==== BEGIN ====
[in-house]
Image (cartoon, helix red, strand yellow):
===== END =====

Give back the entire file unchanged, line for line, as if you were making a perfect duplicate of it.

[in-house]
Image (cartoon, helix red, strand yellow):